News

Mar 3, 2017

Woonsocket


Historical Reenactor Details Life in Civil War Camps

Category: News Room
Posted by: Craig

What: Paul Bourget on Life in Civil War Encampments [FREE EVENT]

When: Sunday, March 12, 1:30pm

Where: The Museum of Work & Culture, 42 S. Main St., Woonsocket, R.I.

Historical Reenactor Details Life in Civil War Camps

(WOONSOCKET, R.I.) – The Museum of Work & Culture will offer the next installment of its free Valley Talks series on Sunday, March 12, at 1:30pm.

 

While most historians and the general public focus on the military aspects of the Civil War, the actual time spent in planning and fighting battles took approximately 10% of a soldier’s daily life. Writer and historical reenactor Paul Bourget will explore the remaining 90% in his presentation on Civil War encampments. He will detail issues of transportation, camp set-ups, medicine, military chores, and especially food, including a sampling of hardtack.

 

Bourget is the owner and president of Bourget & Associates. He was the editor, researcher, and co-writer of Towers of Faith and Family, a history of Woonsocket’s St. Ann’s parish, and was the founding president of St. Ann Arts and Cultural Center. He currently serves as the President of the Museum of Work & Culture’s Preservation Foundation, Treasurer of the Stadium Theatre Preservation Foundation, and a member of the Woonsocket School Committee. Bourget is also an experienced historical reenactor, portraying Brigadier General George Sears Greene, a native Rhode Islander and forgotten hero of Gettysburg.

 

Seating is limited to 75 and is first-come, first-served.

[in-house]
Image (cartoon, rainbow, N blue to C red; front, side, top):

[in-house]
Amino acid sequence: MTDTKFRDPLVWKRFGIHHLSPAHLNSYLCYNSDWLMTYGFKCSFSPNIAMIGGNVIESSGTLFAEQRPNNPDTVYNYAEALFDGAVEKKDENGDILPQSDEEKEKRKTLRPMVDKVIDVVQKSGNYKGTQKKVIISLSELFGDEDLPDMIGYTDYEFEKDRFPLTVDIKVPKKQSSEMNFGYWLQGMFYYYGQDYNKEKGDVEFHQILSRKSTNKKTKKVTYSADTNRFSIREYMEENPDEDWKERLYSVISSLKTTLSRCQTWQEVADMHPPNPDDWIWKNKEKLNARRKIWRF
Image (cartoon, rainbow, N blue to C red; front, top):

Other Valley Talks will include:

 

March 19 (rescheduled): Filmmaker Kenneth Proudfoot will screen his documentary The Amazing Life & Times of Austin T. Levy, with a Q&A to follow.

 

About the Museum of Work & Culture

The interactive and educational Museum of Work & Culture shares the stories of the men, women, and children who came to find a better life in Rhode Island’s mill towns in the late 19th- and 20th centuries. It recently received aRhode Island Monthly Best of Rhode Island Award for its SensAbilities Saturdays all-ability program.

 

About the Rhode Island Historical Society

Founded in 1822, the RIHS is the fourth-oldest historical society in the United States and is Rhode Island’s largest and oldest historical organization, as well as its only Smithsonian Affiliate. In Providence, the RIHS owns and operates the John Brown House Museum, a designated National Historic Landmark, built in 1788; the Aldrich House, built in 1822 and used for administration and public programs; and the Mary Elizabeth Robinson Research Center, where archival, book and image collections are housed. In Woonsocket, the RIHS manages the Museum of Work and Culture, a community museum examining the industrial history of northern Rhode Island and of the workers and settlers, especially French-Canadians, who made it one of the state’s most distinctive areas.